Unique structural features facilitate lizard tail autotomy.

Sanggaard KW, Danielsen CC, Wogensen L, Vinding MS, Rydtoft LM, Mortensen MB, Karring H, Nielsen NC, Wang T, Thøgersen IB, Enghild JJ - PLoS ONE (2012)

The muscle fibres terminate in “mushroom-shaped” structures.Scanning electron microscopy analyses of the wedge-shaped extensions (cranial margins of individual tail muscles) projecting from the proximal end of the released tail stump demonstrated the presence of “mushroom-shaped” structures at the termini of the muscle fibres after autotomy. These structures are present on all sides of the extensions except on the outer part.
© Copyright Policy
Related In: Results  -  Collection

Show All Figures
getmorefigures.php?uid=PMC3526639&req=5

pone-0051803-g004: The muscle fibres terminate in “mushroom-shaped” structures.Scanning electron microscopy analyses of the wedge-shaped extensions (cranial margins of individual tail muscles) projecting from the proximal end of the released tail stump demonstrated the presence of “mushroom-shaped” structures at the termini of the muscle fibres after autotomy. These structures are present on all sides of the extensions except on the outer part.
Mentions: The passive shedding capacity, precut segmented nature of the tail, and lack of proteases suggested that the structural integrity was mediated by surface interactions. The surface topography of the largest interacting surface consisted of wedge-shaped muscle extensions, thus warranting a more detailed examination of their surface properties. The surface topography was analyzed by scanning electron microscopy of the proximal surface of the shed tail stump. It demonstrated the presence of “mushroom-shaped” structures with diameters of 30–80 µm at the cranial margins of the muscle termini (Fig. 4). The exterior parts of the muscles running parallel to the dermis did not contain these structures, thereby reinforcing a role in the mechanism of autotomy (Fig. 2 and Fig. 4). To characterize the surface of the wedge-shaped muscle extensions in the fracture plane further, we analyzed a shed tail stump using magnetic resonance imaging (MRI) (Fig. 5 and Movies S1–S3). Using this approach, we were able to detect both the muscle fiber terminations in the fracture plane and the muscle fiber interactions in an “intact” fracture plane. The data illustrated the interdigitation arrangement of muscles in the tail rather than a simple “end-to-end” arrangement. This design is likely to facilitate adhesion by generating a larger surface area of interaction between two successive segments. In addition, the data did not supply evidence for structures going through the fracture plane. It further supports that biological adhesion is the main mediator of contact between tail segments (Fig. 5).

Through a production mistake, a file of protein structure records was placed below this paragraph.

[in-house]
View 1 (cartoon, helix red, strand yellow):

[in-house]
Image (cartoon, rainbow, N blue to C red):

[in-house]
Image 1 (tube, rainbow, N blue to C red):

Bottom Line: In the present study, we showed that tail shedding by the Tokay gecko (Gekko gecko) and the associated extracellular matrix (ECM) rupture were independent of proteolysis.Instead, lizard caudal autotomy relied on biological adhesion facilitated by surface microstructures.Results based on bio-imaging techniques demonstrated that the tail of Gekko gecko was pre-severed at distinct sites and that its structural integrity depended on the adhesion between these segments.

View Article: PubMed Central - PubMed

Affiliation: Department of Molecular Biology and Genetics, Center for Insoluble Protein Structures (inSPIN), Interdiciplinary Nanoscience Center (iNANO), Aarhus University, Aarhus, Denmark.

ABSTRACT
Autotomy refers to the voluntary shedding of a body part; a renowned example is tail loss among lizards as a response to attempted predation. Although many aspects of lizard tail autotomy have been studied, the detailed morphology and mechanism remains unclear. In the present study, we showed that tail shedding by the Tokay gecko (Gekko gecko) and the associated extracellular matrix (ECM) rupture were independent of proteolysis. Instead, lizard caudal autotomy relied on biological adhesion facilitated by surface microstructures. Results based on bio-imaging techniques demonstrated that the tail of Gekko gecko was pre-severed at distinct sites and that its structural integrity depended on the adhesion between these segments.

Show MeSH
Related in: MedlinePlus